Emily Langhorne, a former high school English teacher, is a policy analyst for the Reinventing America’s Schools project at The Progressive Policy Institute.
For the past six months, scandal after scandal has come to light in the nation’s capital as the media’s interrogation lamps have shone on D.C. Public Schools.
In November, WAMU exposed a graduation scandal at Ballou High School, leading the Office of the State Superintendent to launch an investigation into DCPS. The investigation revealed district-wide complicity in a systemic culture that pressured teachers to pass students regardless of their attendance or academic performance. The report concluded that one in three 2017 DCPS graduates were awarded diplomas in violation of district policies.
Best-case scenario, 67 percent of the class of 2018 graduated. That’s a significant drop from the 73 percent rate the district claimed in 2017.
What’s happened in DCPS is tragic — not only that the number of students graduating declined but also that DCPS has been graduating students who aren’t prepared for life beyond school.
Yet there is a story of real academic progress in the nation’s capital. It’s the story of the other public schools, the ones educating nearly 50 percent of public school students. It’s the story of D.C.’s charter schools.
Charter schools are public schools operated by independent organizations, usually nonprofits. Most are schools of choice, and unlike magnet schools in traditional districts, they cannot select their students. Freed from many rules constraining district-operated schools, charters exchange increased autonomy for increased accountability. They are normally held accountable for their performance through contracts with authorizers, who close and replace them if students aren’t learning enough. The D.C. Public Charter School Board (PCSB) has closed more than 40 failing schools since 2007.
In 2017, D.C.’s 21 charter high schools graduated 73.4 percent of their students in four years. Since the PCSB audits every graduating student’s transcript, that number is an accurate reflection of student achievement.
That number also includes two alternative high schools: one for students involved in the criminal justice system and another for “at-risk” and overage students. Knowing it will benefit students in the long term, charters often encourage students to stay for a fifth year if they aren’t ready to graduate in four. In 2017, the sector’s five-year graduation rate was 78.8 percent.
The PCSB audit is done in partnership with the schools. A PCSB auditor and a school representative review the documentation together. In addition to looking for credit competition and course requirements, PCSB auditors check for discrepancies between students’ report cards, grade change forms and transcripts. The PCSB also audits a random sample of ninth grade students’ transcripts. If they find any discrepancies, they’ll the audit the transcript of every ninth grade student at that school.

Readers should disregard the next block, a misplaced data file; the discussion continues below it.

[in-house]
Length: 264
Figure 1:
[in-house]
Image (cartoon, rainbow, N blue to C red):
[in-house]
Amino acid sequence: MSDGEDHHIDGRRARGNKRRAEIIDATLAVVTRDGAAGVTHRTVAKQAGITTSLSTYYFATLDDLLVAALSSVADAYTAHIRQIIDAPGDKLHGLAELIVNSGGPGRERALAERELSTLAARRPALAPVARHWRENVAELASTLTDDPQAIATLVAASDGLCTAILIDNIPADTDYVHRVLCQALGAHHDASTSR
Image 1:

While no system is cheat-proof, it would take extensive effort to cheat this one. A PCSB audit is not like having a principal look over records. The charter board is an outside entity concerned with data, quality, regulation and oversight; it has no motivation to claim a school is succeeding when it’s failing. Unlike DCPS, in some recent years the charter sector has reported declining graduation rates. In 2013, charters’ four-year graduation rate fell from 77 percent to 75.3 percent, then again to 68.9 percent in 2014. Since 2014, the sector’s rate has slowly increased back to 73.4 percent.
Other data confirm the very real outcomes D.C.’s charters are delivering. In 2017, for instance, 95.8 percent of charter graduates were accepted into four-year universities. And D.C. charter students have made some of the last decade’s largest gains on the National Assessment for Educational Progress, widely considered the best test for measuring student achievement. It’s no wonder that more than 11,000 children in the nation’s capital are on waitlists for public charters.
DCPS expects steep declines in the number of graduates at its non-selective high schools. In Ward 8, the city’s poorest ward, Anacostia and Ballou High Schools have projected graduation rates of only 25 percent and 33 percent, respectively. In contrast, the three public charters in Ward 8 had an average graduation rate of 78 percent last year.
Even Wilson, DCPS’s highest-performing non-selective high school — and the only public high school in affluent Ward 3 — expects only 62 percent of students to graduate. That’s lower than all but two of the 17 charter high schools (excluding alternative schools) that had graduation rates in 2017.
Amid all the negativity surrounding DCPS, we should remember that 43,340 of the district’s 91,322 public school students attend charter schools. Many of these students walked across a stage this month, and each diploma they received stands as a testament to the true progress of D.C.’s other public schools.